Port State Measures (PSM) are requirements established or interventions undertaken by port states which a foreign fishing vessel must comply with or is subjected to as a condition for use of ports within the port state.  National PSM would typically include requirements related to prior notification of port entry, use of designated ports, restrictions on port entry and landing/transhipment of fish, restrictions on supplies and services, documentation requirements and port inspections, as well as related measures, such as IUU vessel listing, trade-related measures and sanctions.

Implementing PSM in Majuro (RMI) the busiest tuna transhipment port in the Pacific

Implementing PSM in Majuro (RMI) the busiest tuna transhipment port in the Pacific

Many of these measures have in recent years seen their inclusion and development in international instruments. The recent entry in force of the Agreement on Port State Measures to Prevent, Deter and Eliminate Illegal, Unreported and Unregulated Fishing (FAO PSMA) has given a boost to these requirements as it obliges the over 50 members that have signed so far to incorporate its requirements into legislation.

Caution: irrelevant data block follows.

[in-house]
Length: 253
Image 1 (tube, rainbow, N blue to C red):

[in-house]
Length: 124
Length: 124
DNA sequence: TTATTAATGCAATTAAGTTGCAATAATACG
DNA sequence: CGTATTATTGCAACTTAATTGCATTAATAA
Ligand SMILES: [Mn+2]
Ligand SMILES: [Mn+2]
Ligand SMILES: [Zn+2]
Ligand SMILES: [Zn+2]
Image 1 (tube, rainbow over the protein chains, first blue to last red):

Operationally the PSMA require from Port States to consider the following mechanisms:

  • Two-way communications for acquiring information about vessels using or intending to use port facilities; communications with flag states and parties such as coastal states and RFMOs are basic and fundamental.
  • Designated specific fishing ports for foreign fishing vessels must be made mandatory as to enables effective oversight.
  • Incoming vessels must formally request port entry to enable resources to be allocated for port procedures, vessel inspections if required and processing of catch certificates and so on.
  • A system of authorizations for entering ports and unloading should be in place to ensure that permissions are denied in cases of suspected or established IUU fishing.
  • When inspections are required, sufficiently competent fisheries inspectors with law-enforcement powers must be on hand.
  • Standard inspection information must be recorded and transmitted in accordance with PSMA and/or RFMO rules.

Yet, to implement these mechanisms, there are specific organizational and capacity building requirements that need to be tailored to the fisheries and socio-economic realities of each country.

Over the last few years, I worked with many countries through contracts with FAO and other organizations helping with the successful implementation of PSMA and its constituent elements.